7. For IAM role, select the role that you created in the Configuring an Instance Role with an Amazon EI Policy procedure.

  8. Select Add an Amazon EI accelerator.

  9. Select the size of the Amazon EI accelerator. Your options are: eia1.medium, eia1.large, and eia1.xlarge.

  10. (Optional) You can choose to add storage and tags by choosing Next at the bottom of the page. Or, you can let the instance wizard complete the remaining configuration steps for you.

  11. Review the configuration of your instance and choose Launch.

  12. You are prompted to choose an existing key pair for your instance or to create a new key pair. For more information, see Amazon EC2 Key Pairs..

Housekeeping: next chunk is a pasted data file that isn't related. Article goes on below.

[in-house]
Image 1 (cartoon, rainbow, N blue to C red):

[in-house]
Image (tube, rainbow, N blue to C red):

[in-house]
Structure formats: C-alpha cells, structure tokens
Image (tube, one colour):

Warning

    Don’t select the Proceed without a key pair option. If you launch your instance without a key pair, then you can’t connect to it.

  13. After making your key pair selection, choose Launch Instances.

  14. A confirmation page lets you know that your instance is launching. To close the confirmation page and return to the console, choose View Instances.

  15. Under Instances, you can view the status of the launch. It takes a short time for an instance to launch. When you launch an instance, its initial state is pending. After the instance starts, its state changes to running.

  16. It can take a few minutes for the instance to be ready so that you can connect to it. Check that your instance has passed its status checks. You can view this information in the Status Checks column.

To launch an instance with Amazon EI (AWS CLI)